About Interstitial Cystitis

Key points

  • Interstitial cystitis (IC) is also called bladder pain syndrome.
  • It causes pain in the bladder area, below the belly button.
  • Anyone at any age can have IC.
  • It can last for years or be lifelong.
  • The cause of IC is unknown.
Woman on couch holding her stomach in pain.

What it is

Woman on couch holding stomach and forehead, due to IC pain and discomfort.
Almost twice as many women have IC than men.
  • IC is a chronic bladder condition.
  • People with IC may feel mild discomfort to severe pain in the pelvis.
  • Symptoms are similar to urinary tract infections, but there is no infection.
  • Researchers are not sure what causes IC.

Signs and symptoms

Close-up of a woman's torso, hands on her abdomen. Illustration shows her kidneys and bladder overlaid.
Symptoms mostly occur near the bladder.

People with IC can have many different symptoms. They occur below the belly button, near the bladder.

Symptoms can include:

  • Discomfort, pressure, or tenderness in the pelvis.
  • Constant or extreme pain in the bladder or pelvis.
  • Urgent need to pee.
  • Peeing a lot or more than usual.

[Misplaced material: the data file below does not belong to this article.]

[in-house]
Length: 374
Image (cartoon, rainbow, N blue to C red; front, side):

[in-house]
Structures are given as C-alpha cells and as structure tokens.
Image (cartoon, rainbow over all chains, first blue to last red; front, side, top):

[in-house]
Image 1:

• Intense pain while peeing or needing to pee.

Who is at risk

  • IC is common and affects people of all ages, races, and ethnicities.
    • IC affects about 1% of people in the United States.
  • Women are more likely to develop IC than men.
    • Almost twice as many women have IC than men.


If you think you have IC, see a health care provider. They will first rule out other bladder conditions before diagnosing you with IC.

Treatment and recovery

There is no single treatment for people with IC. Your health care provider may develop a personalized treatment plan for you.

Your treatment plan may include:

  • Lifestyle changes like
    • Eating well.
    • Managing stress.
    • Being active.
    • Ending tobacco use.
  • Bladder retraining to improve bladder control and extend the time between peeing.
  • Physical therapy to strengthen your pelvic floor muscles through exercises.
  • Medicine for your pain and symptoms to be taken as directed by your provider.
  • Procedures, such as injections or surgery, to relieve your symptoms.

Some of these treatments may work better for you than others. You may also need a combination of them to manage your symptoms.

What CDC is doing

CDC is working with Boston Children's Hospital to:

  • Understand the link between IC and other conditions.
  • Identify the populations most affected by IC.
  • Look at how health disparities affect IC diagnosis and treatment. This includes limited access to care.
  • Study the long-term effect of IC on the health of people who have it.

Through this partnership, CDC is helping to educate providers about self-care methods to treat IC.